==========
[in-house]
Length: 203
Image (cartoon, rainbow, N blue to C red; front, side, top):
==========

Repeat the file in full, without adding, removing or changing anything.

[in-house]
Length: 203
Image (cartoon, rainbow, N blue to C red; front, side, top):